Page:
Saturday, January 25, 2020

AN air of disbelief was palpable inside Saint Nicholas’s Church in Carrick-on-Suir on Wednesday last as mourners assembled to bid farewell to John ‘Pot’ Butler (48), who lost his life in the early hours of Saturday, January 11.

A poem titled ‘My Dad’, written by Mr Butler’s devastated daughter Katilyn was read to the congregation by her aunt, Suzanne Kelly. In it, Katilyn thanked all who attended the Requiem Mass of Mr Butler, a resident of 44, Brown Street, Portlaw. “He was the best and he was mine and for that I am glad,” she wrote.

Throwing in some humorous quips about her father’s fashion sense, including his observations on fake tan, Katilyn added that John’s “muscle top, jeans and Kappa runners were really high end. Dad, I also must tell that your secret is out: I found your chocolates, snacks and crisps you wouldn’t even tell me about. My last words to you were: ‘I will see you later’ and whenever that day is, Dad, nothing will be greater. I know you will be close by us each day and each night and you will hit a bullseye each time a shooting star turns bright. Today I have to say goodbye, Dad and that burden is to all, so I ask you to look after me like you did when I was small. I’m sending my love to you, wherever you are, in God’s bookies, throwing darts or having a pint in God’s bar. I said it before and I’ll say it again. I will see you later, Dad, until we meet again. Love, Katilyn.”

Addressing family, friends and neighbours of Mr Butler, Father Jimmy Browne (Ballyneale) stated: “None of us ever know what any year is going to bring, or what any hour, day or moment is going to bring for any of us. And (at the turning of a New Year) none of us could have thought that we would be here today to celebrate John Butler’s Requiem Mass.”

Telling the congregation that he didn’t know John personally, Fr Browne said this had made him listen with particular care to those familiar with the deceased prior to the Obsequies.

“The tears that have been shed over the last number of days and those that will undoubtedly be shed in the days to come show the affection in which John was held by so many: a father, a brother, a son, an uncle, a friend, a best friend – and all the affection that’s tied up in those bonds.”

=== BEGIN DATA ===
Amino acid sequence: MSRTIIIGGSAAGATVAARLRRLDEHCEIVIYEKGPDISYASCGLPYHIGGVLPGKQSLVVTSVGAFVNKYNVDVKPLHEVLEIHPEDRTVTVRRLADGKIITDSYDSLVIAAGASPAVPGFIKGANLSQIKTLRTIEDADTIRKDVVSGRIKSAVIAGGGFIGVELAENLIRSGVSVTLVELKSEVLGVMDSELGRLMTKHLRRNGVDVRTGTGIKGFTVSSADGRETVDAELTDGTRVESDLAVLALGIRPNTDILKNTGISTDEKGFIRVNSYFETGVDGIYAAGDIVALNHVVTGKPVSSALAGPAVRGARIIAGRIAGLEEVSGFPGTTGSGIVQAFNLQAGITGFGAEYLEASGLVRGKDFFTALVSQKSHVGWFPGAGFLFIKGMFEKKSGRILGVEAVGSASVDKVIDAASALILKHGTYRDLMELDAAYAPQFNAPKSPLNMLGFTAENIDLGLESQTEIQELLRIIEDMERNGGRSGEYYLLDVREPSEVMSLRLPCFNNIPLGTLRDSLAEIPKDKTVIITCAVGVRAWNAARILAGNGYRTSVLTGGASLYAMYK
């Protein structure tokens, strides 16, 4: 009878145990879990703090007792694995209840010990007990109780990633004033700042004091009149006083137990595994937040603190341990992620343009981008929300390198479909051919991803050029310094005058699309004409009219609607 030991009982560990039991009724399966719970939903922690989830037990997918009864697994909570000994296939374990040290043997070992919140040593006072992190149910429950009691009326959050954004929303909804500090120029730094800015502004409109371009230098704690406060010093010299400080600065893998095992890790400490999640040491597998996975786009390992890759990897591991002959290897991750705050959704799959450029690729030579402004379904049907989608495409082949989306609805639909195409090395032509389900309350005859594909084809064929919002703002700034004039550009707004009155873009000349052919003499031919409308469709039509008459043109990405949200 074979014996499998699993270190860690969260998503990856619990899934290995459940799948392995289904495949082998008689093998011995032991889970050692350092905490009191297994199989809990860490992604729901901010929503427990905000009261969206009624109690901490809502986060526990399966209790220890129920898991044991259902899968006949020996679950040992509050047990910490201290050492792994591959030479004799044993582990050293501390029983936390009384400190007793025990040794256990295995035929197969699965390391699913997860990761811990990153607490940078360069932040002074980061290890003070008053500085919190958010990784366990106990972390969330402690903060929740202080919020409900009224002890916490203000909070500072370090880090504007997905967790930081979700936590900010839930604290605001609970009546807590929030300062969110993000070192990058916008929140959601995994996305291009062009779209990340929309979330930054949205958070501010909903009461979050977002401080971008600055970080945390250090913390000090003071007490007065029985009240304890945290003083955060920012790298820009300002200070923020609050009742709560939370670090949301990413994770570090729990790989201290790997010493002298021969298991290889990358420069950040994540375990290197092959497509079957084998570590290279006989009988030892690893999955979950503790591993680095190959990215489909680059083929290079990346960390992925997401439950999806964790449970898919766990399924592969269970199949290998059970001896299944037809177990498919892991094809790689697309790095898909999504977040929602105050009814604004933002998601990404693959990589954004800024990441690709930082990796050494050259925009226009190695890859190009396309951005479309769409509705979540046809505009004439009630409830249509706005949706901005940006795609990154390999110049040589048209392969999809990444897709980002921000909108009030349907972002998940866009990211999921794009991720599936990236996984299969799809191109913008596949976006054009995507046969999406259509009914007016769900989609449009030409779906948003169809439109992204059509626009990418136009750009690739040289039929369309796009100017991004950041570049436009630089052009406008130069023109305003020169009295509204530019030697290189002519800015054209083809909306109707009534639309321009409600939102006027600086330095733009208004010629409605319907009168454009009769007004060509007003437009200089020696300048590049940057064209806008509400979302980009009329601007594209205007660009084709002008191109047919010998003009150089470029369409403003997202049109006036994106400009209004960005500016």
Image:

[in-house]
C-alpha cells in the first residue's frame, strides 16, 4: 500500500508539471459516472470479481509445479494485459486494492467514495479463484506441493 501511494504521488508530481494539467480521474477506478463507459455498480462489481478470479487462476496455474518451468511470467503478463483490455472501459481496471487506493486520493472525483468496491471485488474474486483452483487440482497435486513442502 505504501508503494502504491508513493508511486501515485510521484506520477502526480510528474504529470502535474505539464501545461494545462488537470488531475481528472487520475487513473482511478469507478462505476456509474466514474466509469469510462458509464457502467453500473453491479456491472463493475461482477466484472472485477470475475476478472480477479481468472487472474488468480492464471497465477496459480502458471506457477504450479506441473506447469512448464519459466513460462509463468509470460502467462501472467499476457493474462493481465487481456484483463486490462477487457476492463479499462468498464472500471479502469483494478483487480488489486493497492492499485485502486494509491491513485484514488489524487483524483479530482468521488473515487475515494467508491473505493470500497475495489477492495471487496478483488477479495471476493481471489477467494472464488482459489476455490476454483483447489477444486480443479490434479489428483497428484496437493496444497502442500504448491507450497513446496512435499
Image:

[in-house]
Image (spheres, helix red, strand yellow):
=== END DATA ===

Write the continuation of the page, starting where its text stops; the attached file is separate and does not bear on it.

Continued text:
Fr Browne referred to a cookery course John (originally from Treacy Park, Carrick-on-Suir) had applied for in Carrick several years ago and one of the things he said to Martin (Coughlan, who ran the course) was: ‘I haven’t a car but I’ll do my best to be always there.’ Martin knew that John mightn’t always be able to get there since he’d be coming in from Portlaw but John never missed one of those days on the course. Never missed one. What does that say about him? It says that when John signed up for something, he really took it on and committed himself to it… and despite the effort that was involved in getting there, he always made sure he was there.”

Addressing Mr Butler’s family, Fr Browne said: “You just don’t get over something like this in the space of a day or a week. My father died in 1985, he smoked a pipe and used a tobacco called Clan. Well I was in town recently when I got a whiff of pipe smoke – I knew it was Clan – and immediately all the memories of my father came back. When you think you have everything sorted out, something springs forward and brings a memory of that person back and that’s the way it will be for you in the days that lie ahead.”

Delivering the eulogy, Margaret Butler described John as “a true gentleman who was always willing to help and get stuck in. His loving nature shone through in everything he did. He worked in the Dr Martin Day Care Centre (in Portlaw)… it was a job he loved dearly and it remained close to his heart.”

John Butler, who proudly hurled for the Carrick Davins club, approached life from a distinctive aspect, Ms Butler wryly noted. “He would hang his curtains inside out, so everyone walking past the house would see their design! John will be sadly missed by all who knew and loved him. He touched so many lives and in his death, many lives will be changed forever. Rest in peace, John.”

The readings at the Requiem Mass were delivered by Robert Butler and Heather Harris while the Prayers of the Faithful were offered by Lily Murphy, Tracey Walsh, Catherine Loughman and Liam Butler. The gifts were presented to Fr Browne by Louise Butler and Pauline Murphy. Soloist Andrea Ruth Houlihan was accompanied at the Mass by pianist Tony Egan.

During the presentation of symbols which marked John’s life, his brother Bisto brought forward a set of darts, a sport John played socially and competitively.

Daughter Katilyn brought forward the leads John used while out walking his two dogs, while Arsenal and Tipperary jerseys were presented by Toss Keyes. Jody Butler brought forward a Guinness beer mat while Paris Grant presented a betting slip, honouring John’s love of a flutter.

Burial at St Mary’s Cemetery in Carrickbeg immediately followed the Requiem Mass. John Butler was father of Katilyn and Stephen. He is survived by daughter Katilyn, father William, brothers Bisto, Eddie, Philip, Robert and Damien and was predeceased by his mother Peggy. May he Rest In Peace.

Flowers on the doorstep of the late John Butler’s home on Brown Street, Portlaw on Wednesday last, shortly after his Requiem Mass had been celebrated in his native Carrick-on-Suir.

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